A true friend of the deceased battles a wrong


June 26, 1993|By DAN RODRICKS

Fred Petrich will tell you that, as he walked out of the funeral home that day in 1990, he sensed something was wrong. But it wasn't until nurses at Johns Hopkins Hospital spoke up that he decided to vent his outrage and report his suspicions.

Two and a half years later, he's still outraged -- and he's still waiting for the state of Maryland to act on his suspicions.

"I think I have been patient," he says. Contacting a newspaper columnist hadn't been in his original plans. This is not the kind of subject a man enjoys revisiting.

Some background:

In mid-December 1990, a terminally ill friend asked Mr. Petrich to make funeral arrangements for him. The friend, 57 years old and infected with AIDS, lay dying at Hopkins; he had been there since October. It was his wish that his remains be cremated and buried.

Mr. Petrich, a well-known voice instructor with students throughout the Baltimore area, went to a local funeral home to make arrangements.

When he was about to sign the contract, Mr. Petrich noticed something that raised both eyebrows -- a $450 fee for "special handling for infectious disease."

Mr. Petrich asked why it was included, bringing the cost of the contract to almost $2,000.

"That's our policy," he remembers being told by an official of the funeral establishment.

Mr. Petrich never returned to that funeral home.

When his friend died the following month, Mr. Petrich made arrangements through another establishment, which ultimately charged about $1,400 for its services. It did not charge for "special handling."

When Mr. Petrich told the nurses who had treated his friend about the additional $450 charge at the first funeral home, they suggested he report it to the state Board of Morticians. "[The nurses] told me that, from what they knew, funeral homes were not supposed to charge extra for handling people with AIDS," Mr. Petrich said.

The nurses were right.

That's state law, enacted in 1989 -- a prohibition against discriminatory practices, including the charging of additional fees, against any HIV-infected person, including one who has died and whose body has been brought to a funeral home. At the request of the morticians board, which wanted to ensure Maryland funeral directors understood the law, the attorney general's office wrote a clear and firm opinion about it.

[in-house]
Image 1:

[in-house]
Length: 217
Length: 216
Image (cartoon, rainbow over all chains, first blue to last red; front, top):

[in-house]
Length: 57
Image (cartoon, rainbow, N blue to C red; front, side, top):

"A mortician is subject to disciplinary action if the mortician 'discriminates' against any individual who is HIV-positive," the opinion stated. "The refusal to treat, or the imposition of higher costs for treating, an HIV-positive or otherwise infected body constitutes discrimination" in violation of state law.

The opinion further said: "Since morticians are required to employ universal precautions with all bodies, there is no rational basis for charging a higher 'handling' fee to family or friends of the deceased because the body was HIV-positive.

"The mortician would be taking actions that increase the cost of the service solely because the deceased was HIV-positive. . . . We do recognize that adopting universal precautions may ultimately increase a mortician's cost of doing business. We are not suggesting that this increase in operating costs may not be passed on to the consumer. However, increased costs associated with universal precautions should be passed on to the universe of consumers, not to the small subset of consumers seeking services for those known to be infected with HIV."

So, on its face, Mr. Petrich's specific complaint -- the charging of an additional fee for "special handling" of his friend's body -- appears to constitute discrimination.

The attorney general's opinion was written in June 1992, prompted partly as a result of Mr. Petrich's then 1 1/2 -year-old complaint.

Last week, Erich March, president of the morticians board, confirmed that Mr. Petrich's complaint has been referred to the attorney general's office for "review." But there is a backlog of cases there and, as of today -- 2 1/2 years after he first complained -- Mr. Petrich is still waiting for action.

"Quite frankly," Mr. March said, a bit glumly, "this is not unusual. We have several cases pending, and all the health occupation boards have a backlog."

Is this a system?

A friend of Mr. Petrich, Baltimore attorney Kenneth Meltzer, has followed the investigation into the complaint. Mr. Meltzer recently received a letter from the attorney general's office assuring that the case "will be diligently and thoroughly pursued."

And yet, as Mr. Meltzer said: "The bigger question is why they haven't done anything in 2 1/2 years."

Two and a half years. Fred Petrich should be applauded for his fortitude. Most people, their attitudes about government already jaded, would have given up by now.

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